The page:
Renee Shepherd founded Renee's Garden in 1997. Renee says, "This seed line is my personal selection of new, exciting and unusual seed choices of time-tested heirlooms, the best international hybrids and fine open-pollinated varieties.” Renee is a prolific writer, both for her website and for national publications. She is a long time board member of the National Gardening Association. She lectures widely at national and regional garden shows and is a featured speaker at numerous gardening conferences.
Gardening is an ongoing process, and, while timing is important, don't be overwhelmed by a sense of being too late to plant by some arbitrary date. All too often, I hear gardeners use a day of a particular month as though it was written in stone--for example, Northwesterners think sweet peas must be sown by Valentine's Day and New Englanders consider Memorial Day the "do or die" critical garden planting day. In truth, each season is different and garden planting dates have been even harder to peg down than the traditional wisdom would lead one to believe! I want to emphasize that it's not too late to plant a great garden, even in June and July.
What to plant:
While it is true that fruiting plants like tomatoes, peppers, and eggplants need to be set out now, many, if not most, summer producers will grow even more quickly from seed planted in early summer when the soil is well warmed up and teeming with life. You'll be surprised how fast seeds will come up and explode with growth. Don't hesitate to plant seeds for beans,summer squash, beets, carrots, and chard. Start a crop of "cut and come again" salad mix in a spot with bright light but out of the full, hot sun. Plant heat- and sun-loving herbs like basil,oregano, thyme and sage with abandon, keeping the seed beds well moistened. Don't neglect to plant some fragrant scented basils in containers to heighten summer afternoon gardening pleasure.
Even if you already have beans, squash, chard, carrots and basil in the ground, and your plants are growing well, June is a fine time to start a second crop to have ready for another bounteous late summer harvest when the first crops of these staples have finished up. I usually start seeds every month, finishing sowing summer-producing vegetables in late June. In July and August, I start seeds for fall crops like all kinds of lettuces, spinach, radishes, kale, leeks and carrots, and asian delicacies like pakchoi.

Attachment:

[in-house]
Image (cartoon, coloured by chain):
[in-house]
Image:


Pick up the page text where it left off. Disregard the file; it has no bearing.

You can still plant flowers, too!
Planting later crops in June also applies to flowers! Plant more sunflowers, cosmos, zinnias, etc.--all of the annuals that usually burn out by late summer. This way, you'll have a marvelous second flush of bloom and can cut armfuls for Labor Day!
June and July are also good times to start seeds for perennials and biennials to bloom next spring. I sow seeds in a protected seed bed and then transplant seedlings in fall to overwinter, then bloom, ensuring me a wonderful spring greeting in the garden next year.
Reprinted with permission from Renee Shepherd, Renee’s Garden June 2011 E-Newsletter.
All articles are copyrighted and remain the property of the author.
By Stacey Hirvela, Proven Winners ColorChoice Flowering Shrubs,
Photographs courtesy of Proven Winners
Weather-wise, northerners may not have much of an advantage, but when it comes to selecting plants for the landscape, they certainly do. The entire system of plant recommendations in North America is based on plant hardiness - in other words, how much cold a plant can withstand without experiencing extensive damage or death.
Join fellow garden lovers, history buffs and music enthusiasts to discover the quaint towns and colorful gardens of Holland and Belgium in May of 2018.
This exciting journey will be hosted by nationally known host Eric Johnson, of Public Television's blockbuster show GardenSmart. Your river cruise begins in Amsterdam where you'll see works by Rembrandt and Van Gogh, Anne Frank's House, and see the city's most famous gardens. Then spend a full morning on the grounds of the most beautiful spring garden in the world-Keukenhof! Visit the picturesque Belgian towns of Bruges and Ghent as well as Kinderdijk, with the Netherlands' iconic collection of 19 authentic windmills that is a UNESCO World Heritage Site. In addition, history buffs will experience a captivating tour of the WWI trenches of Flanders and WWII Arnhem Battlefield of A Bridge Too Far fame. You won't want to miss this extraordinary garden adventure to Holland and Belgium.
Book by November 15, 2017 and save up to $1200 dollars per person!
To register call:
Alki Tours at 800-895-2554
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